Hussein was a very beautiful boy. He was eight years old.
I still remember this instance sometimes, and sometimes I see Hussein my dreams.
I had another, more positive experience [during the war, 2014]. It was when I helped a woman give birth. She wanted to give birth in her home because they were bombing, and she couldn’t reach the hospital, so I went to her and helped her give birth.
She gave birth to a beautiful girl and called her Hanan, and that’s something special. I sometimes see Hanan in the streets, and I play with her. Now she’s two years old and she can walk.
So there were positive situations and bad situations during the war.
I am not afraid of anything here in Gaza, nor outside of Gaza. Nothing can make me afraid, except the fear of losing my mother.
She is very sick now. She has CVA [Cerebrovascular Accident], something that is bad in her brain. At some point she stayed at the hospital for two weeks and couldn’t speak, couldn’t stay awake, and she didn’t recognize anyone.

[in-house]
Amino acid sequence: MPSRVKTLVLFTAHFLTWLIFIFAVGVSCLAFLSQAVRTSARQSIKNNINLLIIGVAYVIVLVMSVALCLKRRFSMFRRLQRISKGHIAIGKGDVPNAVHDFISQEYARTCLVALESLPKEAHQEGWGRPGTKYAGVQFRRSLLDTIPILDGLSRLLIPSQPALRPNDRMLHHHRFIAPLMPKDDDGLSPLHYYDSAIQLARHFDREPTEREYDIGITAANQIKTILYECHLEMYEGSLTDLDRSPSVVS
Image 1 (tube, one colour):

Now she recognizes me. She can walk, but she has very high blood pressure all the time.
I hope that she will be okay. I am beside her, and she must be beside me.
My mother is a very powerful woman. She helped me be who I am now.
God is with me all the time. I feel secure because God is with me and helps me.
I pray every day for him to be with me and to be beside my mother. My religion and my prayers to God make me stronger in life. Without my religion I am nothing, because God is the only helper for us in life.
I also wouldn’t be strong if it weren’t for the difficult situation of living here [in Gaza]. Gaza has created people that are strong all the time – not weak people.
I got a permit to enter the West Bank and the Israeli territory.